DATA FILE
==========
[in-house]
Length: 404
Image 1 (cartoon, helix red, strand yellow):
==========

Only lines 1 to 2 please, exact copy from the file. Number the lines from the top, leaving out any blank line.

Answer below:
[in-house]
Length: 404